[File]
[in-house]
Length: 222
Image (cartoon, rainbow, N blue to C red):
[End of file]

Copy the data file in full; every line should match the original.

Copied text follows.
[in-house]
Length: 222
Image (cartoon, rainbow, N blue to C red):